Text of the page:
The four different poles of understanding AI, from optimism to doom

Sometimes I think there are two big differences in the world of artificial intelligence. One, of course, is whether the researchers working on advanced AI systems in everything from medicine to science will bring about a catastrophe.

But the other — possibly more important — question is whether artificial intelligence is a big deal or some other ultimately trivial piece of technology that we’ve somehow developed a societal obsession with. So we have some improved chatbots, is the skeptical view. This won’t end our world – but it won’t make it much better either.

One comparison I see sometimes is with cryptocurrency. A few years ago, many people in the tech world were convinced that decentralized currencies would fundamentally change the world we live in. But that is largely not the case because it turns out that many things people care about such as fraud prevention etc. Ease of use actually depend on the centralization that crypto should be breaking down.

When Silicon Valley says its current issue is the biggest deal in the history of the world, the right response is generally healthy skepticism. This obsession could end up being the basis for some cool new businesses, it could contribute to changes in the way we work and live, and it will almost certainly make some people very wealthy. But most new technologies aren’t having nearly the transformative impact on the world that their proponents claim.

I don’t think AI will be the next cryptocurrency. Technologies like ChatGPT based on large language models have seen adoption much faster than cryptocurrencies ever have. They replace and change significantly more jobs. The progress in this area over the last five years is shocking. Nevertheless, I would like to do justice to the skeptical perspective here; Most of the time, when we’re told something is a tremendously big deal, it really isn’t.

Four quadrants of thinking about AI

Based on this, the range of attitudes towards artificial intelligence can be divided into four broad categories.

There are people who believe that extremely powerful AI is on the horizon and will change our world. Some of them think that’s going to happen and are convinced that it’s going to be a very, very good thing.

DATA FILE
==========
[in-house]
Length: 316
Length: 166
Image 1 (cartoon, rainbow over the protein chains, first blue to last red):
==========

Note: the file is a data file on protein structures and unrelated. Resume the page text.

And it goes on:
“Every child will have an AI teacher who is infinitely patient, infinitely compassionate, infinitely knowledgeable, and infinitely helpful,” Marc Andreessen wrote in a recent blog post.

Each scientist will have an AI assistant/collaborator/partner that will greatly expand their scope of scientific research and achievement. Every artist, every engineer, every businessman, every doctor, every nurse will have the same thing in their world. …

AI is possibly the most important – and greatest – thing our civilization has ever created, certainly on par with electricity and microchips and probably even better. …

Far from being a risk that we should fear, the development and spread of AI is a moral obligation we have towards ourselves, our children and our future.

With AI we should live in a much better world and now it is possible.

Let’s call that the “It’s going to be big and it’s going to be good” corner of the spectrum. Compare that, for example, to AI Impacts’ Katja Grace, whose recent survey found that half of machine learning researchers say there’s a good chance AI will lead to human extinction. “Advances in AI could lead to the creation of superhumanly intelligent artificial ‘humans’ with goals contrary to the interests of mankind – and the ability to pursue them autonomously,” she recently wrote in Time.

(In the middle, you might place AI pioneer Yoshua Bengio, who has argued, “Unless breakthroughs are made in AI alignment research…we don’t have strong guarantees of security. What remains unknown is the severity of the damage that may result from misalignment (and depends on the specifics of the misalignment).”)